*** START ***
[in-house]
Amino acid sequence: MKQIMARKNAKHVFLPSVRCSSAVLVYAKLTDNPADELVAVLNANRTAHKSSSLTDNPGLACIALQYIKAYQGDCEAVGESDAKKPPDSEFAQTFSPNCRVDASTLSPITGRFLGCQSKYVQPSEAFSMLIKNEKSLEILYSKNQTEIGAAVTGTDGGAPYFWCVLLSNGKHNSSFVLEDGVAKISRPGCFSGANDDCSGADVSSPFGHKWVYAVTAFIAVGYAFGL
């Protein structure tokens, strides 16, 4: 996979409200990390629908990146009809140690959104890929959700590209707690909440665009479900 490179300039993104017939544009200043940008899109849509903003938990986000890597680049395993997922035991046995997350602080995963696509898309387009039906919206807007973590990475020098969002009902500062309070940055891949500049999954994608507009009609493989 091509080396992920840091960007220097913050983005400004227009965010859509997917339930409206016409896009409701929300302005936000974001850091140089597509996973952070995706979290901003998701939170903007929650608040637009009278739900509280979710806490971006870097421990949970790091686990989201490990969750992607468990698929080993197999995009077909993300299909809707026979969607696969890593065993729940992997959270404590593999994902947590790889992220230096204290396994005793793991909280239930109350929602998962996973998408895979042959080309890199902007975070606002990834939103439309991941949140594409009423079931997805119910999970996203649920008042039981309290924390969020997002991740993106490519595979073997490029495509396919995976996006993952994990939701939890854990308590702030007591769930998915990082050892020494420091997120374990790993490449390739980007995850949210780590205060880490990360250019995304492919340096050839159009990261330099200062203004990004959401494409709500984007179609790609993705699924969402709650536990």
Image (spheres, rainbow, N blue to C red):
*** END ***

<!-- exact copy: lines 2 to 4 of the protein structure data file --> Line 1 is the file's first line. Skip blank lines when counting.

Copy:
Amino acid sequence: MKQIMARKNAKHVFLPSVRCSSAVLVYAKLTDNPADELVAVLNANRTAHKSSSLTDNPGLACIALQYIKAYQGDCEAVGESDAKKPPDSEFAQTFSPNCRVDASTLSPITGRFLGCQSKYVQPSEAFSMLIKNEKSLEILYSKNQTEIGAAVTGTDGGAPYFWCVLLSNGKHNSSFVLEDGVAKISRPGCFSGANDDCSGADVSSPFGHKWVYAVTAFIAVGYAFGL
């Protein structure tokens, strides 16, 4: 996979409200990390629908990146009809140690959104890929959700590209707690909440665009479900 490179300039993104017939544009200043940008899109849509903003938990986000890597680049395993997922035991046995997350602080995963696509898309387009039906919206807007973590990475020098969002009902500062309070940055891949500049999954994608507009009609493989 091509080396992920840091960007220097913050983005400004227009965010859509997917339930409206016409896009409701929300302005936000974001850091140089597509996973952070995706979290901003998701939170903007929650608040637009009278739900509280979710806490971006870097421990949970790091686990989201490990969750992607468990698929080993197999995009077909993300299909809707026979969607696969890593065993729940992997959270404590593999994902947590790889992220230096204290396994005793793991909280239930109350929602998962996973998408895979042959080309890199902007975070606002990834939103439309991941949140594409009423079931997805119910999970996203649920008042039981309290924390969020997002991740993106490519595979073997490029495509396919995976996006993952994990939701939890854990308590702030007591769930998915990082050892020494420091997120374990790993490449390739980007995850949210780590205060880490990360250019995304492919340096050839159009990261330099200062203004990004959401494409709500984007179609790609993705699924969402709650536990």
Image (spheres, rainbow, N blue to C red):